Since its debut at the Tokyo Motor Show last year, the retro-styled the Kawasaki Z900RS has been well-received in its home market. The bike we called “the Kenmeri Skyline of motorcycles” for its place in Japanese motoring history just went on sale July 1 and comes to market with healthy aftermarket support. As a follow-up, Kawasaki quickly turned the nostalgia dial up to eleven with the Z900RS Cafe, to be released later this summer. If that wasn’t enough, Kawasaki then announced it’s coming to America. Now, the slate of of colors and graphics packages have been announced.
The Z900RS Cafe is mechanically identical to the Z900RS, which runs a detuned version of the 900cc inline-four making 110 horsepower and 73 lb-ft of torque. Kawasaki says this brings out an old school character, with peak power coming 1,000 rpm lower in the rev range and a rumbling exhaust note like that of the classic 1972 Z1 it was inspired by.
The Z900RS Cafe comes with a racing cowl and lower-position handlebars that are blacked out instead of chrome. It also has higher seat with a deeper dish and taller passenger seating area for that classic cafe racer look.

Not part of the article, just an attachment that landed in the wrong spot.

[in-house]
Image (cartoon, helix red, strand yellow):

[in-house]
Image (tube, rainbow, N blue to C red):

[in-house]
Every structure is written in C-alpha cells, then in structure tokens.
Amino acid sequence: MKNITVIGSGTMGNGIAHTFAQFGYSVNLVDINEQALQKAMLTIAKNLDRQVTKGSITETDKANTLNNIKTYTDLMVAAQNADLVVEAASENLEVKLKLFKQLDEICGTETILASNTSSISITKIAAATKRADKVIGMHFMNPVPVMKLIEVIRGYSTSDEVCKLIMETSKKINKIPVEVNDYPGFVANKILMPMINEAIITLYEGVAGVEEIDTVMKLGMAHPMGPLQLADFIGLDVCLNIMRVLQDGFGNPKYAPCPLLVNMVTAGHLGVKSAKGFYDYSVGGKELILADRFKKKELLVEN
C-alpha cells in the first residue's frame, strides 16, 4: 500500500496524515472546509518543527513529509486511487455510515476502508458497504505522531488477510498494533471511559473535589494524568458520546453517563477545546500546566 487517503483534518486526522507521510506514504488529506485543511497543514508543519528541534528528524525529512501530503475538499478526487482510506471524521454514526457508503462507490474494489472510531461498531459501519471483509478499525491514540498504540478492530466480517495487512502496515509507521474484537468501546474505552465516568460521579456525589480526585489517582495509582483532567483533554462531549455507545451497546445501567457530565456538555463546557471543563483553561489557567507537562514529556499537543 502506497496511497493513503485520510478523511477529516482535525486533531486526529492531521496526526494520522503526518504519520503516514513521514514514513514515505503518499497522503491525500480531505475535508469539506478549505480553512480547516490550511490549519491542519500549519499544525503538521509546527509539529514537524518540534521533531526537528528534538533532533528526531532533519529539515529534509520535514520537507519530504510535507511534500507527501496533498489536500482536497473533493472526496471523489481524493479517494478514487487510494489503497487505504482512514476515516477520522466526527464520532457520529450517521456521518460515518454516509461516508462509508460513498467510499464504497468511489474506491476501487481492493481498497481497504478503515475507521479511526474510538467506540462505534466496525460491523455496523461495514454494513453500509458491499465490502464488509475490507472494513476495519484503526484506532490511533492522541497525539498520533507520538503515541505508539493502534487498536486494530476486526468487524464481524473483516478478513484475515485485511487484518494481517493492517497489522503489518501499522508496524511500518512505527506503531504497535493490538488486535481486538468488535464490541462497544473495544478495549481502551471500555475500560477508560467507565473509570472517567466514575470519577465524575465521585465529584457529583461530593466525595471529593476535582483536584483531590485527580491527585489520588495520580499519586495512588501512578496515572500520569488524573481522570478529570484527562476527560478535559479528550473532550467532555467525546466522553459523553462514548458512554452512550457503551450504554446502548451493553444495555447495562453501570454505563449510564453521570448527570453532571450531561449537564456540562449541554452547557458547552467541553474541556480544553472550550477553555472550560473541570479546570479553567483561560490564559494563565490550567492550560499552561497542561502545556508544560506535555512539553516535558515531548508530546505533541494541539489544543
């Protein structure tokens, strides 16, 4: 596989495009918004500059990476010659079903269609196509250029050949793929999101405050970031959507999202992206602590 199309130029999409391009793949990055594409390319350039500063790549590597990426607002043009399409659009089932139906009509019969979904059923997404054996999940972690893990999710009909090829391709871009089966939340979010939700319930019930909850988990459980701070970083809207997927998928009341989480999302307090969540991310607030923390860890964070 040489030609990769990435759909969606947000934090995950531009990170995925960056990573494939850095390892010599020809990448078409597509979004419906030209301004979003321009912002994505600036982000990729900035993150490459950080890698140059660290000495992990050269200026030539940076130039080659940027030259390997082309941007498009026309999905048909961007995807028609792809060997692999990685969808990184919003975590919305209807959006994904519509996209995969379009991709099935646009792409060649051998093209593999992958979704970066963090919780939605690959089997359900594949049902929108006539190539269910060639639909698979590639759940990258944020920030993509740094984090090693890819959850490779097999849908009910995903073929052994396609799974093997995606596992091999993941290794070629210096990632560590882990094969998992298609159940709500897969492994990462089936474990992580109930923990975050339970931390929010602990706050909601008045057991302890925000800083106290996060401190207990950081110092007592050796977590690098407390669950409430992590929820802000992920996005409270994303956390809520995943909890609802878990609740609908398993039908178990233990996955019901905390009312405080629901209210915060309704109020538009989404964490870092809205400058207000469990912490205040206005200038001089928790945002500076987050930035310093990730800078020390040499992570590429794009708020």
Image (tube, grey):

The standard Z900RS is available in two colors — a very retro brown with orange stripe and a timeless metallic black. The MSRP is ¥1,200,000, which translates to a USD starting price of $10,999.
The Z900RS Cafe will be available in three colors. The first is a sinister-looking Stormcloud Blue with a gray horizontal stripe across the gas tank. Metallic Graphite Gray offers a more modern look with a hint of retro style in a Kawasaki-green stripe that extends to the front fairing. These will launch in Japan August 1, 2018. The most nostalgic color of them all, however, is Vintage Lime Green with a white stripe, and that will launch a month later, on September 1, 2018. The Cafe starts at ¥1,250,000, or $11,499.
Images courtesy of Kawasaki.
Finally a retro bike that comes with a tach out of the box. I’m looking at you self-styled “premium” brands, BMW and Triumph.
Now Suzuki should bring back the Katana.
Brings back memories of the 1980 LTD 1000 I used to have way back then.